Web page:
COLUMBIA, S.C. — South Carolina's attorney general says he'll file a lawsuit soon over the Biden Administration's vaccine mandate for healthcare workers.
Alan Wilson's office sent a statement Monday night announcing his intentions but it did not say when that paperwork would be filed. A spokesperson for the attorney general said they were waiting for other states to join the effort.
“President Biden has once again overstepped his legal authority and overreached his power," Wilson said. "The President is not above the law. I fully support the rights of our healthcare heroes in opposition to mandatory COVID vaccines. We intend to file suit in the very near future.”
The potential lawsuit is specifically targeting the federal rules regarding hospitals workers. Last week, OHSA, the federal workplace safety agency, released their long-awaited vaccine mandate guidelines for companies that employ over 100 people. Those rules mandate the vaccine, but allow for people to remain unvaccinated if they submit to weekly COVID testing and wear a mask.
The rules for healthcare workers are tougher. The 17 million who work in nursing homes, hospitals and other facilities that receive money from Medicare and Medicaid do not have an option — they will need to be vaccinated.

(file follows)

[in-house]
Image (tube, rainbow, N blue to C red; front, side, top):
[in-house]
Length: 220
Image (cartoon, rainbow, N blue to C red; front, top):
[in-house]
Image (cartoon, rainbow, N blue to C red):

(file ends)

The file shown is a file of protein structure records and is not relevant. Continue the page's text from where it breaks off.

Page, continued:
Over the weekend, the U.S. Fifth Circuit Court of Appeals stopped the enforcement of the mandate temporarily until come concerns could be heard in court. Other states had sued over the measure.
South Carolina has already joined another lawsuit that seeks to stop a portion of the mandate that deals only with federal contract workers. And South Carolina Gov. Henry McMaster issued an executive order barring state cabinet agencies from complying with the mandate.
Biden said his encouragement for businesses to impose mandates and his own previous requirements for the military and federal contractors have helped reduce the number of unvaccinated Americans over 12 from 100 million in late July to about 60 million now.
White House spokeswoman Karine Jean-Pierre on Monday expressed confidence that the COVID-19 vaccine mandate can withstand any legal challenges.
“This is an authority that we believe the Department of Labor has,” Jean-Pierre told told reporters during a news briefing. “We are very confident about it.”